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The inevitable future is in natural refrigerants

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Compiled by Benjamin Brits

It has been a journey of intrigue with CO2 from the start of this engineer’s career.

July 2021 personality profile sponsored by:

Born in Nelspruit, and with some relocations during his younger years, Wynand Groenewald ended up initially settling in Vanderbijlpark where he completed his secondary education at Transvalia High. He subsequently went on to study mechanical engineering at the North West University in Potchefstroom.

After completing his bachelor’s in mechanical engineering, Groenewald was left considering the next steps of his career. Perusing through some of the subjects offered by the University for a master’s degree, one of these was the study of CO₂ heat pump technology, which was in fact the first post graduate topic on CO₂ as a refrigerant in South Africa. Being intrigued by this, Groenewald decided to pursue this opportunity. This was his opening door into the sector.

With CO₂ as a refrigerant being the first subject matter for the country at the time, Groenewald was fortunate that his election of the topic afforded him attendance to various training courses and conferences worldwide to gain more information on the technology.

Whilst working through the post-graduate degree, he took up a position at M-Tech Industrial – where the company designed and manufactured heat pumps for the commercial and industrial sector. “After completing my degree, I was totally hooked on refrigeration, and particularly CO₂ as the refrigerant. Ever since, I have pursued the adoption of natural refrigerant solutions in the local and international market,” he says.

Not having much time for hobbies, Groenewald candidly concedes that having started his own business, Future Green Now, at the start of 2020, occupies most of his attention. “We are in the process of growing an international-scale consulting business which is backed by our team’s vast experience in designing, manufacturing and installing CO₂, and also other natural refrigerant options, and this of course takes significant effort,” he says.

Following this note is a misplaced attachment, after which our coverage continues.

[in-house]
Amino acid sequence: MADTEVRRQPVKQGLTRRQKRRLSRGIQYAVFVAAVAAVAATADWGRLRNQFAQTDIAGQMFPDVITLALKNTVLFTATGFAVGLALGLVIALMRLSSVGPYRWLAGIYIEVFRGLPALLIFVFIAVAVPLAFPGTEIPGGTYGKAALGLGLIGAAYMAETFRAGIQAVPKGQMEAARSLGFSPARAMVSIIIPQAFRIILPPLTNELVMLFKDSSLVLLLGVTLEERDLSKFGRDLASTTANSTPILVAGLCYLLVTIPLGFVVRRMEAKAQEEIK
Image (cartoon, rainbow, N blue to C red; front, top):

Groenewald and his team have been fortunate to already be overwhelmed by engagement with various entities worldwide to implement the uptake of CO₂ as a refrigerant, and he is proud to be assisting these industry players to either create products using CO₂, or to support projects that elect natural refrigerants ahead of Fluorinated options. “We are also continuously able to learn by having the opportunity to work with many product developers, OEMs and contractors,” he says.

Considering his most significant achievement to-date, Groenewald notes that there are a number of individual achievements so far that he can point out, however, “Together these form what I consider to be my greatest achievement – the introduction of various first-of-their-kind CO₂ refrigeration solutions into South Africa. This ranges from retail to industrial solutions, heat pumps to chillers. Further what makes me proud is to have had, and continue to have, the opportunity to represent South Africa in the global arena and play a part in making South Africa one of the world leaders in adopting natural refrigerants.”

Looking forward Groenewald is confident the refrigeration sector will see a quick shift, and that this transition is inevitable. CO₂, NH3, Hydrocarbons, water and air all are tried and tested technologies that can cater to every heating and cooling requirement that you can think of. He further stresses the need to ensure sufficient support for natural refrigerants through training and innovation as these options are not as far off as most people may think.

“Globally, the shift to natural refrigerants is happening at a very fast pace and it is in the best interest of everyone involved in the refrigeration industry to be skilled and capable of supporting these natural solutions to avoid being left behind,” he concludes.